I wonder why the people of Boston who threw that tea into the harbor were so pissed with the London government. Was it because the king was insisting that they make do with rum with their cake? Or was it because the London rich and their global corporation, The East India Company, was threatening their standard of living?

For decades, the income level and standard of living of all Americans, except the very rich, have stagnated or declined. Our quality of life—measured either by the spiritual standard of Thoreau’s “amount of life that must be expended” for something, “immediately or in the long run,” or by the mundane material standards of “(a) how much of what I need can I buy with a buck? (b) how many bucks do I need in order to buy what I need? (c) do I have that many bucks? (d) what’s the chance I can get more? or (e) if I buy something, how will its quality compare with the quality of such a thing 50 years ago?—ain’t  what it was during the postwar years before “the Reagan revolution.”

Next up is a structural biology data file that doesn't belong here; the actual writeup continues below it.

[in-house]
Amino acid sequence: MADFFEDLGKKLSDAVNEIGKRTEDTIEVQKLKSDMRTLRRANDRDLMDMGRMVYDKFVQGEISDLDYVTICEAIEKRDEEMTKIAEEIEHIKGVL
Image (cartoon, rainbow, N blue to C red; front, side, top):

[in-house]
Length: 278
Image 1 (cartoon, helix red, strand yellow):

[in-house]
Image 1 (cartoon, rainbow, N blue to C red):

(Answers: (a) not much, (b) a lot, (c) r u kidding?, (d) see (c), (e) most things other than luxuries are approaching the state of lemon. We’re all being programmed according to planned obsolescence.  Now add the rising cost of necessities such as clean water.)

But there will be wealth, and as long as there are the wealthy, there might be Good Will. We can re-invent the workhouse and the poorhouse, American style (oh wait, we’ve done that).

Why the mismanagement? Because the economy, in the largest sense, has been managed by the corporate monopolists of the financial sector, which now includes every other sector, including the federal government. Those monopolists are the rich, who serve nobody’s interest but their own. They, and their Republican shills, are currently in the process of revising federal taxation to more amply serve their interests.